August 14, 2022
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‘We Sell for the Same Prices Here That We Sell at Basel’: Nigerian Collectors Hunt for West Africa’s Next Art Stars at Art X Lagos – artnet News

  • November 12, 2021
  • 12 min read
‘We Sell for the Same Prices Here That We Sell at Basel’: Nigerian Collectors Hunt for West Africa’s Next Art Stars at Art X Lagos – artnet News

 The art fair closed its physical iteration on November 7.
Rebecca Anne Proctor, November 8, 2021
As crowds of visitors entered the slickly-constructed white-tented fairground of the sixth edition of ART X Lagos on the Nigerian city’s Victoria Island, the first work they confronted was a painting by Amoako Boafo—the Ghanaian painter recently turned art world star—hanging on the outside wall of Accra and London-based Gallery 1957’s booth. On the fair’s VIP opening night, guests rushed to take pictures in front of the electrically-colored portrait titled Ultramarine Blue Belt (2021).
Despite the clamor surrounding the in-demand market star, the gallery claimed that the painting wasn’t for sale. They said that Boafo, whose startling portraits hold space for African self-determination and largely depict underrepresented or misrepresented members of the creative community, felt it was important to show his work in Lagos.
Nigeria’s exhilarating economic capital of more than 14 million people, which is also home to one of the largest pools of art collectors on the continent, is increasingly becoming a significant cultural hub. While Accra, the capital of Boafo’s neighboring home country, has witnessed an art boom in recent years, Lagos remains the leading Sub-Saharan African city for the sale of art and cultural production. This is largely thanks to its growing collector base, old and new art galleries, and institutions.
I founded the fair to reflect the spirit of Lagos; I wanted to show to the world that my city is a remarkable place and that its people are dynamic and welcoming,” the fair’s director and founder Tokini Peterside told Artnet News. “Lagos, as Africa’s music capital, fashion capital and film capital, should also be Africa’s art capital. I want Lagos to welcome the rest of Africa here in this pan-African spirit that is incredibly important.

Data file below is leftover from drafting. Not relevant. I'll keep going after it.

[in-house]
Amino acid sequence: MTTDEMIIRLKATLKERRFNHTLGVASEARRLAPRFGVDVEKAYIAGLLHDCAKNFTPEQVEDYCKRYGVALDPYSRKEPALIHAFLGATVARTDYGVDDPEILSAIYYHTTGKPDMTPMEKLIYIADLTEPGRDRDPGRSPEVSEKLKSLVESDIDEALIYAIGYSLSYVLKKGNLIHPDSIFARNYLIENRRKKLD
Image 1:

Amoako Boafo, Ultramarine Blue Belt (2021). Courtesy the artist and Gallery 1957.
While this year’s edition of the fair, which closed its physical iteration on November 7, was its largest ever in terms of participating galleries (there were 30 in total between its online and in-person showings), the physical fair welcomed just 15 galleries compared to the 23 that showed in its 2019 edition. Previous participants such as Paris-based Magnin-A decided not to attend in-person due to public health restrictions including a seven-day mandatory quarantine period—which was lifted ahead of the fair, but too late for dealers to rearrange their plans—but showed in ART X Lagos online, which runs until November 21. Also missing were some of Lagos’ biggest names, notably Retro Africa, which has participated in every fair since its launch in 2016 but decided to forgo this year’s edition as it focuses on expanding its global network.
Despite the backdrop of the public-health crisis and political challenges in Nigeria, the mood at the fair was upbeat and vibrant as a cohort of predominantly Nigerian collectors arrived en masse dressed in high fashion right down to their mandatory face masks. Prices hovered in the range of $10,000 and $30,000 and most artworks were paintings and photographic works except for a new section which highlighted the growing digital art scene on the continent in the NFT auction “Reloading,” staged in collaboration with NFT marketplace SuperRare.
While curious collectors eyed the NFTs eagerly, the overall zest was for buying works at the galleries present. One of the most expensive works sold was a large painting of Friends like Twins (2021) by sought after Ghanaian painter Kwesi Botchway for $60,000. Gallery 1957, which nearly sold out its booth, also presented new works on canvas by Adjei Tawiah, David Doku-Borlabi, Oliver Okolo, Patrick Eugène and Juwon Aderemi in the range of $10,000–$25,000.
Araba Opoku, Kaashimi Crescent (2021). Courtesy Kó Gallery.
Amid the competition for the work on view, Peterside said that some guests were left disappointed when they learned many galleries had sold works ahead of the fair’s opening. The heated preview interest reflects the collecting hunger for identifying West Africa’s up-and-coming stars at home before they break out internationally.